For more information and interview requests: Linspire, Inc. 858-587-6700 ext 183 858-587-8095 Fax [e-mail:pr@linspireinc.com] --_----------=_116955098737104708 Content-Disposition: inline Content-Length: 6350 Content-Transfer-Encoding: binary Content-Type: text/html

Linspire Standardizes Software Installation Across Linux Distributions

Linspire's CNR ("Click 'N Run") Service to support popular Linux distributions, including Debian, Fedora, Freespire, Linspire, OpenSUSE, and Ubuntu




San Diego, California - January 23th, 2007 - Linspire, Inc., developer of the commercial desktop Linux operating system of the same name, announced plans to standardize software installation across Linux distributions by expanding its popular CNR ("Click 'N Run") digital download and software management service to support several of the most popular desktop Linux distributions in 2007. Previously available only for Linspire and Freespire desktop Linux users, the CNR Service will begin providing users of other desktop Linux distributions a free and easy way to access over 20,000 desktop Linux products, packages and libraries, all with a single mouse click.

Finding, installing and updating software has been confusing for many desktop Linux users, with each distribution requiring their own installation process. With over five years of development, CNR will now normalize the process of finding, installing and updating Linux software for the most popular Linux distributions, both Debian and RPM based. Support for different Linux distributions will begin being available in the 2nd Quarter of 2007 via a new website, http://cnr.com. Distributions expected to be supported during 2007 are (alphabetically): Debian, Fedora, Freespire, Linspire, OpenSUSE, and Ubuntu, with other distributions planned to follow.

CNR will remain a free service for all the distributions supported. Work on this project began a year ago, and Linspire has completely redesigned, updated, and enhanced the CNR technology to support multiple distributions, both Debian and RPM based. At http://cnr.com, users may use their web browser to search for applications by title, popularity, user rating, category, function, and so on. An open-sourced plugin for each supported distribution is then used to add the one-click installation functionality. The new multi-distribution CNR system will support different distributions, as well as different versions within these distributions.

"The CNR Service was designed to solve the complexity of finding and installing desktop Linux applications, as well as educating the world about all the quality Linux software available," said Kevin Carmony, CEO of Linspire. "It only made sense to expand our successful CNR Service to additional desktop Linux distributions and their users. CNR will normalize the process of installing software across most of the popular distributions, something Linux really needs to gain mainstream adoption."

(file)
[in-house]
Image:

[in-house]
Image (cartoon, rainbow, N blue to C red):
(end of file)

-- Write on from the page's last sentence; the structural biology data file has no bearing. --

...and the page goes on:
The new multi-distribution CNR technology standardizes the installation process for the user without requiring a new or altered packaging system. CNR uses standard .deb and .rpm files, while shielding the user from the complexity of these packaging systems. This allows developers to continue using their same packaging methods, and the different distributions can continue with their normal release management practices. By building CNR around existing packaging systems, it also brings the silos of tens of thousands of quality Linux applications immediately into the CNR system. CNR adds server and client side intelligence to overcome any dependency challenges presented by the current packaging systems, but without the need for altering these ubiquitous systems.

CNR.com will also bring more choices for users to purchase premium products and services, such as legally licensed DVD Players, Sun's StarOffice, Win4Lin Pro, CodeWeavers' CrossoverOffice, TransGaming's Cedega, as well as numerous other commercial software applications from various categories including, media playback, personal and business productivity, finances, virtualization, development tools and games. CNR will also allow users quick access to multimedia codecs and hardware drivers, bringing one-click support for MP3, Windows Media, Quick Time, Java, Flash, ATI and nVidia graphics, and so on.

The new CNR.com web site is now active with an informational placeholder where users can learn more about the plans for the multi-distribution CNR. There you will find an extensive FAQ (http://cnr.com/faq), screenshots of the soon-to-be released CNR Warehouse (http://cnr.com/screenshots), and a forum to discuss the future of CNR with other interested parties (http://cnr.com/forum.)

About CNR ("Click 'N Run")

CNR, short for “Click 'N Run,” is a technology developed by Linspire, Inc., which allows desktop Linux users to find, install, uninstall, manage, and keep updated thousands of software programs on their Linux computers, all with just one click. Users also get a powerful way to manage their entire software library, with advanced features, such as customizable "aisles" where you can install entire groups of software with a single click.

About Linspire, Inc.

Linspire, Inc. (www.linspire.com) was founded in 2001 to bring choice into the operating system market. The company's flagship product, the Linspire operating system, is an affordable, easy-to-use Linux-based operating system for home, school, and business users. Linspire pioneered CNR ("Click 'N Run") Technology, which allows Linspire users access to thousands of software programs, each of which can be downloaded and installed with just one mouse click. The thousands of software titles available in the CNR Warehouse (www.linspire.com/cnr) include full office and productivity suites, games, multimedia players, photo management software, accounting tools, and more.

Linspire, Inc.
858-587-6700 ext 183
858-587-8095 Fax
pr@linspireinc.com